Geoffrey R. Oxnard, MD: There have not been many studies that have taken a single patient and tested, for example, multiple NGS panels at the same time to see if they all align. There was one interesting report at ACR this year from AstraZeneca, actually, where they looked at 4 different NGS panels and found a striking amount of disagreement. What they said in that analysis was that for variants found above 1% AF, things seem to agree pretty nicely, until you actually get up to around 50%. Around 50%, you start seeing germline variants that some assays report and other assays hide, because they don’t want to talk about the germline variants. And so, I will say that there’s sometimes disagreement around 50%. And then, there’s the disagreement below 0.5%, as some assays are more confident in culling low-level things while other assays are a little more suspicious.

What I will say is that if you took a patient and sent 2 assays at the same time, you probably won’t get the same results. But, if it is an EGFR mutation or a BRAF mutation or an ALK rearrangement, hopefully in the right range—that sweet spot is around 0.5% to 20%—you will get similar findings. And so, I think there are areas where we can have confidence and areas where you need to be a little more suspicious. It is too bad that it’s this complicated. But the truth is we need to know these complexities in order to offer these safely for our patients. If you can’t figure out these complexities, go with tumor testing, because it’s better established. The fact is, tumor testing is not always an option. So, we need to adopt liquid biopsies, but also understand their limitations and complexities as we use them.

Transcript Edited for Clarity 
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Transcript: 

Sandip Patel, MD: The percent of cell-free DNA that’s reflected in a liquid biopsy report is conceptually equivalent to the mutant allele frequency percentage that’s reported for tumor-based NGS methods. Effectively, these are the percentage of DNA detected that has that specific cancer related molecular aberration. Typically, these percentages range anywhere from 0.1%, or the minimal level of detection for cell-free DNA approaches, all the way to the percentages where we start to consider germline aberrations in certain genes such as BRCA and P53. You may get up to 50% of the DNA that could actually be from a germline source, as opposed to being from the tumor itself.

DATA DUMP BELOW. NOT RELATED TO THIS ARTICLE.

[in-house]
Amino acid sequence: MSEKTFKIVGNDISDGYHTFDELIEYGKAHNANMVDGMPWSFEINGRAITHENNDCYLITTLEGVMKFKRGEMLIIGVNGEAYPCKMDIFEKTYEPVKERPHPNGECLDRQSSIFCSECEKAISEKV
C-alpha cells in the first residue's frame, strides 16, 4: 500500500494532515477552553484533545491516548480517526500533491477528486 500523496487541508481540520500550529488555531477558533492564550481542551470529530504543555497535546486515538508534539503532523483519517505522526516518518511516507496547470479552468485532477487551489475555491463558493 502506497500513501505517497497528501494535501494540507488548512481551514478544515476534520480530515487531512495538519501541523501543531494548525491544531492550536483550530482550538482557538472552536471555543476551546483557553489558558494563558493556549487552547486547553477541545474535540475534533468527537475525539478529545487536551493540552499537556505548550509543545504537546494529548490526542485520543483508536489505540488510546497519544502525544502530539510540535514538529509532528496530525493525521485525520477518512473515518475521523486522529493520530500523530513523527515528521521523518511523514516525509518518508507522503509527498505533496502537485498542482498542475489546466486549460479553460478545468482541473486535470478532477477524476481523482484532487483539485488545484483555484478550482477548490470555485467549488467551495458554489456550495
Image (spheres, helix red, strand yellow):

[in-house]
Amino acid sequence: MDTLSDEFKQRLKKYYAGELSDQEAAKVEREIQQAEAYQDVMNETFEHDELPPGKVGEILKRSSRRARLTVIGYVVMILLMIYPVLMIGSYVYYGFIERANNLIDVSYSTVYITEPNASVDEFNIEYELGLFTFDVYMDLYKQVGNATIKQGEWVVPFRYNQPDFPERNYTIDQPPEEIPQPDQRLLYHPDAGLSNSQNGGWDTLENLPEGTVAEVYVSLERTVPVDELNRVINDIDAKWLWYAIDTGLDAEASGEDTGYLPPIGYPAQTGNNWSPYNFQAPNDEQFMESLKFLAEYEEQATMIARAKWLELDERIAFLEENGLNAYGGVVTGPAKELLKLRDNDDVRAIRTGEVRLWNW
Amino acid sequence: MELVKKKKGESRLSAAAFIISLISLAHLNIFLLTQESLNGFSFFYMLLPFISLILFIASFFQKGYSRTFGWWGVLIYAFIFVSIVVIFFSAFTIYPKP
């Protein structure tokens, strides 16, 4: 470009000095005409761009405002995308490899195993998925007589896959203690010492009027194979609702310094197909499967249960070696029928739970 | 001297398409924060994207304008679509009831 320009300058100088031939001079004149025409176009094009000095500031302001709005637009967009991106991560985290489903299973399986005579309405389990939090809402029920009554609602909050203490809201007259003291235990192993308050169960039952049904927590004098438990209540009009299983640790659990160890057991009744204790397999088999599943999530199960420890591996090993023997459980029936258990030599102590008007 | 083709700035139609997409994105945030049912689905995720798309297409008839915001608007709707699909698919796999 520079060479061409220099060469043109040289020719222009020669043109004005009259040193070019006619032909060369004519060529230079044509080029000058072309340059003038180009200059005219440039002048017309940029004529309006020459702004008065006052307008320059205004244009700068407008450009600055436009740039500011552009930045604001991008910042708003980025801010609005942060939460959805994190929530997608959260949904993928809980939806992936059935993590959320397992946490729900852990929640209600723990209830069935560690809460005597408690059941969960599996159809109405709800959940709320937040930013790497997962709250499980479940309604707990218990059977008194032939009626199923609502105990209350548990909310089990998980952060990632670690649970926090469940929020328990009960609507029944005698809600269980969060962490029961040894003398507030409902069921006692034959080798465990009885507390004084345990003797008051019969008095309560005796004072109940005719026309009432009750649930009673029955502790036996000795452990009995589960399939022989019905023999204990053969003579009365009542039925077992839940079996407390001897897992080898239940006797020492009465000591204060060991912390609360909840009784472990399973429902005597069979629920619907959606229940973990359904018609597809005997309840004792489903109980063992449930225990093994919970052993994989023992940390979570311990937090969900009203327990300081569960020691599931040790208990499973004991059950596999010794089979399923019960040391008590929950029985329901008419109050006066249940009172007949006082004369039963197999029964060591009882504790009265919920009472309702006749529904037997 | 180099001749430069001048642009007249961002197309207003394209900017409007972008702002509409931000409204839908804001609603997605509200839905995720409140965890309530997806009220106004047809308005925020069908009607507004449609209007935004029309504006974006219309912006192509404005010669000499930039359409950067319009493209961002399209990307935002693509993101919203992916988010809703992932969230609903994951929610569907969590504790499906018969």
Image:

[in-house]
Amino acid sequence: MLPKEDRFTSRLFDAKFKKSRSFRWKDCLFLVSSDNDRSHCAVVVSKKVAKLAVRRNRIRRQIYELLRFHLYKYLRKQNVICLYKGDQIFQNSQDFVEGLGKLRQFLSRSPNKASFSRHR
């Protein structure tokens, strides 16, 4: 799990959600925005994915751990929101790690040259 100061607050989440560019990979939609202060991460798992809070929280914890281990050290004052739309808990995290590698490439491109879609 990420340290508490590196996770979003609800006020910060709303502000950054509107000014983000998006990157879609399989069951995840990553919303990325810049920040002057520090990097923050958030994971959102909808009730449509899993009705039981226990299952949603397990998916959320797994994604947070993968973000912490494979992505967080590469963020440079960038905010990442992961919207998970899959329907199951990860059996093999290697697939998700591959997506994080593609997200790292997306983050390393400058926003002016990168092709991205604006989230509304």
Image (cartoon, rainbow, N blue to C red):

Variants of unknown significance are mutations in known cancer-causing genes. However, the specific mutations themselves are unknown to affect that gene’s function, such that it may or may not actually be clinically relevant for that given patient. We often see these mutations in non-exon 18 to 21 non–small cell lung cancer for EGFR, various other domains of BRAF, point mutations, and ALK. And, effectively, these are molecular aberrations that are in cancer causing genes, but may not actually cause cancer—they may not be driving the patient’s cancer. And so, it’s very important that any time you review a molecular report for a patient, you assess not only the specific gene that’s being affected, but also the specific mutation that’s occurring. Because some of those mutations may not actually be susceptible to targeted therapy. Similarly, many mutations are not actionable. They’re synonymous mutations, or they’re mutations in genes for which you don’t have therapies currently available.